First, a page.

By Deborah Yaffe, Jul 29 2013 01:00PM
In 1920, reviewing an Austen great-niece's biography of her famous relative, the writer Katherine Mansfield put her finger on something essential about the Janeite experience. “The truth,” she wrote, “is that every true admirer of the novels cherishes the happy thought that he alone – reading between the lines – has become the secret friend of their author.”
Nearly a century later, this private sense of exclusive intimacy – Jane Austen would absolutely love me! – sometimes manifests itself as certainty about how Austen would react to the modern world, were she magically teleported from 1817. Some of us are sure she would be pleased with feminism and birth control; others are equally certain she’d be appalled by Facebook and casual sex.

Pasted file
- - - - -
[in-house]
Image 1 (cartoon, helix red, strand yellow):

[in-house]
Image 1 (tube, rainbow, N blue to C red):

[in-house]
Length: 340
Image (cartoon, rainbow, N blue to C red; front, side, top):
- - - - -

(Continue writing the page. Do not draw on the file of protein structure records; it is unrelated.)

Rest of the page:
Jennifer Petkus’ self-published Austen spinoff, Jane, Actually: or Jane Austen’s Book Tour, the subject of today’s Sanditon Summer blog post, is a novel-length version of these fantasies. In Petkus’ imagined alternate reality, a new technology allows the dead to communicate with the living through a form of email, sometimes channeled through an electronic voice or embodied in a human avatar specially commissioned for the role.